The narrative of the pre-Vatican II Mass as a exclusionary ritual where by the priest mumbled in Latin while the faithful, ignorant of what was happening, prayed rosaries is mis-guided simplification. The Latin responses were learned by eight year olds. I can attest to you that I certainly knew what Et cum spiritu tuo meant when I intoned it. In Europe and America Latin was taught in every Catholic high school and even many secular ones. I can attest to the fact my father who never never finished high school, could recite the standard prayers in both Latin and English, knew the Tridentine Mass probably better than most modern faithful know the Novus Ordo, and as an adult the Liturgy responses he no doubt learned as a boy. I don't doubt there were people who could not do this and did not understand what was happening at Mass. I would also maintain that many of the modern faithful have mastery of English ( or Spanish or French...) have no idea of what is happening at Mass. Indeed at a certain level no one truly knows, it is a mystery of faith, something we cannot know this side of death. The fact that they understand the words without grasping their meaning, or in many cases misunderstanding their meaning is not an improvement of the situation.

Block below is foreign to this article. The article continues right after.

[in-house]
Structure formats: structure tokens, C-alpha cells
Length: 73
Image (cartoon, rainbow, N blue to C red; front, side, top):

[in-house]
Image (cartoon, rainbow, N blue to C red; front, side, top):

My last point is that the demonizing of Constantine by sources inside the Church as opposed to Protestants outside the Church is a something which has its roots in the mid twentieth century modernist movement. This is the same movement which used Vatican II's valid and specific documents as an excuse to do many things never called for by the council, one of which was the elimination of Latin as a liturgical language. The Vatican II document Sancrosanctum Concilium actually called for Latin to be retained in the Liturgy and required that the faithful (that's us) know all of the Propers of the Mass in Latin. It says: